Tuesday, February 24, 2015

Research: Finding Ancestor Records - Civil War

Research Your Family Tree

Several months ago I needed to find ancestor records for a scholarship application. I asked my father if our Georgia ancestor fought in the Civil War. He gave me the quick answer, "no," because he remembered no conversation with relatives about a Civil War soldier. It didn't make sense to me because I knew this relation lived in Georgia during the war so I decided to investigate.

The information I had was:
  • year of death
  • state of residence
  • names of children
  • names of wives

I spent several days looking at various websites. Since this was a few months ago, I'm not sure of the exact convoluted  path to useful ancestor information. I hit some roadblocks and backed up several times. In the end, I got the information, and I didn't pay for it. Not only did my ancestor serve in the Civil War, but he was imprisoned the last year and 10 months of it.

Along the way, I found minor errors in census records and in my family notes. This happens. Mainly, keep on researching. It is fascinating and so easy with the internet.

I'll describe the information sources I found below.

Find a Grave

The Find a Grave website is a gem. If I had known about this site, I could have skipped many steps in my research. I plugged in the name, state, and year of death and found the correct grave. This was verified by an unusual spouse's name and family notes on a cemetery.

If you're lucky, you can access your ancestor's grave here. In my situation, the photographs included an inscription describing the military service.  A birth date was also provided on the headstone.

 Hathitrust Digital Library

Using the Hathitrust Library, I entered "Confederate Soldiers" in the search box. That gave me a list of publications with information. Since my ancestor lived in Georgia, I selected the Roster of the Confederate soldiers of Georgia, 1861-1865. That allowed me to search by name. The list produced from that search gave me all references to the ancestor's name. I could then select the most likely matches and click the page number for further details. These details included ranks and promotion dates, date of imprisonment, location of capture and prisons, release date, and birth date. All fascinating details!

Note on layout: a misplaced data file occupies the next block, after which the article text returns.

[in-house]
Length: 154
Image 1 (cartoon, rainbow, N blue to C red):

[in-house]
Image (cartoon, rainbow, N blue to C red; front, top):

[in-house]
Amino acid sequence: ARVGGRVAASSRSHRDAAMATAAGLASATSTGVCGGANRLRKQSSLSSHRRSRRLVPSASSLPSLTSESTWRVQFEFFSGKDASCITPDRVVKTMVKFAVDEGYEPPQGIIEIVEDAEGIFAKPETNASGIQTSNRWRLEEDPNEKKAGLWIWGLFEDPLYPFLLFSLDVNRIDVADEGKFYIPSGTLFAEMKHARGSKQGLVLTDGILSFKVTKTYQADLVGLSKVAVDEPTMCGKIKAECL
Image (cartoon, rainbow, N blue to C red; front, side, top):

Find the Best Civil War Soldiers

The Find the Best sight will take minimal data and find soldier information. In my case, the rank did not reflect two promotions. The Hathitrust sight had more details.

Census Information at familysearch.org

The 1870 census can be used to verify the residence of a former Civil War soldier. It can be used as a clue to the state and regiment of service.

Using Google to search "1870 census," the list will include a familysearch.org site. Choose this and enter the soldier's name. Then you can narrow down the list by looking for other family names. I had unusual names like Lavonia and Roena to help here.

Lavonia was entered as Laronsio, but Roena and Lucy were present. Click the soldier's name to view the census information. Then click the camera icon on the right to reveal the handwritten census document. (So exciting!) Written in fancy cursive, the record showed the former soldier's occupation as farmer and his wife, "keeping house." Lavonia was spelled correctly in this original document. At the top of this is the county of residence.

I hope you will find these resources helpful and I wish you luck in your research. I highly recommend familysearch.org for ancestry research. There is more data available there than I can summarize in this article.

I have also written about researching ancestors who fought in the American Revolution. That article can be found here.

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Monday, February 23, 2015